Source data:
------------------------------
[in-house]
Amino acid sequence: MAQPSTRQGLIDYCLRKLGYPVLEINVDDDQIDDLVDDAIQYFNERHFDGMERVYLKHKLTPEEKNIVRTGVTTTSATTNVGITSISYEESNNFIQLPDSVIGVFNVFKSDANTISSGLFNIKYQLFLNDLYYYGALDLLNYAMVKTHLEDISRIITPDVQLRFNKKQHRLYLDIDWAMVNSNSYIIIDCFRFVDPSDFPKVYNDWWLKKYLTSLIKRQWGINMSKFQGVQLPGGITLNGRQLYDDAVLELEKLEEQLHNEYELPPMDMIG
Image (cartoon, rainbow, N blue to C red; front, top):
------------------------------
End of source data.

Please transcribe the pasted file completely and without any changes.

[in-house]
Amino acid sequence: MAQPSTRQGLIDYCLRKLGYPVLEINVDDDQIDDLVDDAIQYFNERHFDGMERVYLKHKLTPEEKNIVRTGVTTTSATTNVGITSISYEESNNFIQLPDSVIGVFNVFKSDANTISSGLFNIKYQLFLNDLYYYGALDLLNYAMVKTHLEDISRIITPDVQLRFNKKQHRLYLDIDWAMVNSNSYIIIDCFRFVDPSDFPKVYNDWWLKKYLTSLIKRQWGINMSKFQGVQLPGGITLNGRQLYDDAVLELEKLEEQLHNEYELPPMDMIG
Image (cartoon, rainbow, N blue to C red; front, top):